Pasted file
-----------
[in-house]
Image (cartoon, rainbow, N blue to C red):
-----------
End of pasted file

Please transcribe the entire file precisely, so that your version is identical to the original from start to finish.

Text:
[in-house]
Image (cartoon, rainbow, N blue to C red):